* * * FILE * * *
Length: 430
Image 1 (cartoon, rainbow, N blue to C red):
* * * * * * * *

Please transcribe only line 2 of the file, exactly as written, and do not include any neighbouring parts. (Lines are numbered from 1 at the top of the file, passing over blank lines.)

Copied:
Image 1 (cartoon, rainbow, N blue to C red):